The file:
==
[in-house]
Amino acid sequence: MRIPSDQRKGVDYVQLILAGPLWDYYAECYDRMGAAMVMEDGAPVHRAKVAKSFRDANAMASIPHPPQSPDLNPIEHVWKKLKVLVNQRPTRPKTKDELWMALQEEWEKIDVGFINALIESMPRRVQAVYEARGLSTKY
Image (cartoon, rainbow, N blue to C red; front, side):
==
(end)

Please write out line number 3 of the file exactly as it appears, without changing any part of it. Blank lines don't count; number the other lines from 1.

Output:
Image (cartoon, rainbow, N blue to C red; front, side):